Use the book excerpts, documents, images, objects, and media related to a highlighted historian in the Learning Lab to answer the questions provided in the Discussion Question page and/or or use them comparatively with information in your history textbook about the highlighted historical period.
- Revolutionary War (Squares 3 - 10)
William Cooper Nell (1816 – 1874) was born to a prominent African American abolitionist family in Boston, Massachusetts. As a young man, he was mentored by William Lloyd Garrison, wrote for Garrison’s abolitionist newspaper the Liberator, and was influential in the fight against segregation in Boston’s public transportation and accommodations during the 1840s and 1850s. In 1855, Nell authored The Colored Patriots of the American Revolution, making it one of the first historical works to focus on African Americans.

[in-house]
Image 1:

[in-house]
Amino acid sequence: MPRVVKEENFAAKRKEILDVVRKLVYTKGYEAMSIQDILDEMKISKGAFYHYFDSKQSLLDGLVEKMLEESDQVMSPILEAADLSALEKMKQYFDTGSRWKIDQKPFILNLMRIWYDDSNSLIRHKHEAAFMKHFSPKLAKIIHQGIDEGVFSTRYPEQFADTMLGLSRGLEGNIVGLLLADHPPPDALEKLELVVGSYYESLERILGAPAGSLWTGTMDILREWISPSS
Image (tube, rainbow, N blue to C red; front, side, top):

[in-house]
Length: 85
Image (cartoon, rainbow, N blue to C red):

- Civil War (Squares 11 - 18)
George Washington Williams (1849 – 1891) was born in Bedford Springs, Pennsylvania. At the age of 14, he joined the Union Army during the Civil War. After the war, he finished his education in Massachusetts, became a minister, and founded a newspaper, The Commoner. By 1880, Williams moved to Ohio and became the first African American elected to the Ohio General Assembly. As a historian, Williams is most famous for writing the first comprehensive history of African Americans in the United States, a two-volume work called the History of the Negro Race in America from 1619 to 1880; as Negroes, as Slaves, as Soldiers, and as Citizens (1882). In 1887, he published A History of the Negro Troops in the War of the Rebellion.
- Reconstruction (Squares 19 - 25)